Budget Changes for Superannuation

Now this certainly isn’t the sort of topic I normally have on my blog, but it is something of interest to most people in Australia right now – well those who are old enough to work, have wrinkles and worry about spending their golden years penniless and living in a cardboard box. piggy

In light of the recent 2009/2010 Federal Budget delivered by Federal Treasurer Wayne Swan, I thought I’d share this information that I was sent from the BT Financial Group.

It is regarding what the Budget changes to superannuation mean, the various changes proposed to salary sacrificing and Government Co-contribution arrangements and some tips on how you could make the most of the remaining time
until the end of this financial year.


Concessional Contributions (CC) cap reduced

Concessional contributions generally include Superannuation Guarantee (i.e. the money your employer pays into super), salary sacrifice contributions and personal deductible contributions. They’re taxed at a ‘concessional’ rate of 15%.

What’s the change?
Effective 1 July 2009, the concessional contributions cap (CC) will be halved from $50,000 to $25,000 (indexed) per annum.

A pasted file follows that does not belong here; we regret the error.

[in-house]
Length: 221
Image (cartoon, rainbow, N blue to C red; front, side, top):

Things to consider:

Do you have money you want to invest into superannuation this financial year? If so, you could consider maximising super contributions this financial year to fully utilise the current concessional contributions cap of $50,000.

If you make total concessional contributions of more than $50,000 per year, you may need to reduce your salary sacrifice (or personal deductible contributions from 1 July 2009 to ensure you don’t inadvertently breach the new contributions cap).

If you’re not currently making additional contributions to superannuation (i.e. in addition to SG), the ability to make large ‘last minute’ concessional contributions will be diminished from 1 July 2009. One idea post 1 July 2009 is to start a regular savings plan into super to ensure adequate retirement savings are accumulated.

Maximum Government Co-contribution reduced

Depending on what you’re earning and subject to certain eligibility criteria, the Government currently kicks in $1.50 for every $1.00 you make in personal non-concessional contributions for which you have not claimed a tax deduction, up to a maximum of $1,500.

What’s the change?
A temporary reduction of the maximum Government co-contribution from $1,500pa to $1,000pa has been announced. This will apply to eligible personal superannuation contributions made on or after 1 July 2009.

Things to consider:
If you qualify for the Government Co-contribution, this will be the last year for three years that you will receive $1.50 from the Government for every $1.00 you put into your super. That’s a 150% return! So if you have some spare cash, it may be worth considering.


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